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Cash Flow Planner FAQs

SOLVEDby QuickBooks7Updated December 08, 2023

What is the Cash Flow Planner?

The Cash Flow planner is an interactive tool that forecasts your cash flow, the money going in and out of your business. It looks at your financial history to forecast future money in and money out events. You can also add and adjust future events to see how certain changes affect your cash flow.

You can change events in the planner without affecting or changing your books. This helps you make informed decisions about when to save, spend, borrow, and transfer money.

Learn how to set up and use the Cash Flow Planner here.

How does the forecasting work? What data is included?

The cash flow planner chart uses historical data from your bank accounts connected to QuickBooks Online to forecast future recurring income and expenses. This includes categorised and uncategorised transactions. You can also manually include data to forecast cash flow by adding events that may occur in the future.

The cash flow planner chart doesn't include:

  • Credit card transactions
  • Trust account transactions
  • Transactions you've entered manually into QuickBooks
  • Multi-currency enabled files

Note: If you disconnect a bank account, the data won't appear on the chart anymore.

Cash Flow planner numbers explained

The Cash Flow planner only considers transactions that have had money movement (cash flow). Here are some key examples of transactions and how they're displayed in the planner:

  • Transactions with GST: Shows the transaction amounts inclusive of GST
  • Wage expense: Shows the payroll expense the day the wages are paid to employees
  • Payroll: Shows the actual wage paid to employees and will not include PAYG Withholding. PAYG Withholding will be included when the BAS is paid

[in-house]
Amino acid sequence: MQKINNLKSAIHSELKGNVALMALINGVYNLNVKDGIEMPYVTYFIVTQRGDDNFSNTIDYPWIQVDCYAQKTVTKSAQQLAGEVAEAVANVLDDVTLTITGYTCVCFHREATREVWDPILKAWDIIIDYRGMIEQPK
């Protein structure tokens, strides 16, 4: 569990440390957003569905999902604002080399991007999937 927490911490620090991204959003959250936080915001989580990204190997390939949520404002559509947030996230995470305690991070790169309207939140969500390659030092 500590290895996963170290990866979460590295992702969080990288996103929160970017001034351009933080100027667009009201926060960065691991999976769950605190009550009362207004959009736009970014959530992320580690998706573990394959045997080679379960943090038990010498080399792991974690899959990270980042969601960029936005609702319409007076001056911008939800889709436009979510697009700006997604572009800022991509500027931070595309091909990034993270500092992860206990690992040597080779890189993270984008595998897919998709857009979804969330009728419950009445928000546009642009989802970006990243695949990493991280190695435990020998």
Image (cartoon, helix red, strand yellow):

• Superannuation expense: Shows the transaction the day the superannuation payments were paid to employees
  • Credit card payment through bank transfer: If the user pays a credit card bill by transferring money from their account, this will show as a money out transaction
  • Loan repayment through bank transfer: If a user pays a loan instalment by transferring money from their account, this will show as a money out transaction
  • Bad debt write-off: Will not be picked up as there is no money movement
  • Depreciation: Will not show depreciation expense as there is no money movement

The Cash Flow planner now has the ability to predict when a customer will pay your invoice, based on certain due dates. The machine learning model considers the following information to predict the payment date:

  • Invoice amount
  • Whether the invoice was viewed by the customer
  • Whether a payment option, such as Accept Card Payments with PayPal, was enabled
  • Whether or not the invoice was sent to the customer
  • Invoice payment history

I don't see an option to enable the Cash Flow Planner

The Cash Flow Planner isn't available for companies that have Multicurrency enabled.

I see a notification about overdue transactions in my planner. What does this mean?

This refers to any unpaid QuickBooks invoices or bills for which the due or expected date is now in the past. Because these transactions won't show up in the Planner unless they have due dates or expected dates in the future, this notification will prompt users to update the expected date so that the transaction will show up as a future event in the Planner. Any changes to the expected dates won't change the due dates on the QuickBooks transactions.

Does the cash flow planner automatically update? Does it save my manual input?

The Cash Flow Planner does save all manual user input. If the user makes updates in both the Planner and outside of the Planner in the rest of QuickBooks Online, the Planner will use the last updated amount or date.  Here’s an example of how this works:

  • A customer creates a A$100 invoice in QuickBooks. She will see this invoice with an expected amount of A$100 in the Planner.
  • She edits the expected amount to be A$90. Next time she visits the Planner, she will see the “due amount” is still A$100 but the “expected amount” is A$90. The Planner will assume she will receive A$90 on the due date.
  • She then edits the invoice to be A$110. Next time she visits the Planner, she will see the “due amount” is now A$110 and the “expected amount” is A$110. The Planner will assume she will receive A$110 on the due date.

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